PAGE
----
There are serious concerns about Iran’s pursuit of a nuclear weapons capability, along with other weapons of mass destruction and longer-range missiles. As U.S. State Department spokesman Richard Boucher made clear, Iran’s claim that its nuclear program is transparent and intended for peaceful purposes contradicts known facts: “Iran admitted to constructing a. . .uranium enrichment plant and heavy water plant only after it had no choice because this had been made public. . . . The first uranium enrichment plant could be used to produce highly enriched uranium for weapons. A heavy water plant could support a reactor for producing weapons-grade plutonium.”
“There is no economic justification for a state that’s rich in oil and gas like Iran to build hugely expensive nuclear fuel cycle facilities,” said Mr. Boucher:
“Iran flares off more gas annually than the equivalent energy its desired reactors would produce. States with peaceful nuclear energy programs have nothing to hide, and Iran did its best to hide all these nuclear fuel cycle activities.”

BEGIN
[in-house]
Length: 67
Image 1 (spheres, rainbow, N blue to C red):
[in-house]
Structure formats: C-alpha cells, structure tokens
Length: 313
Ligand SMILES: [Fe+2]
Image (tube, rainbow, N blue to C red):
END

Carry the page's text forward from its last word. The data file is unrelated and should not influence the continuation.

The International Atomic Energy Agency is conducting an examination of Iran’s nuclear program, including facilities that Iran had tried to hide.
Russia is continuing to help Iran build a nuclear reactor at Bushehr. In the U.S. view, said State Department spokesman Boucher, “no country should be cooperating with Iran’s nuclear program”:
“Our concern is about the potential acquisition of nuclear weapons by a state that’s a known supporter of terrorism. This has been something that the President [Bush] has talked about. That’s why he talked about the ‘axis of evil.’ ”
This is a major issue that faces the world, and it’s an issue in which the United States will still lead.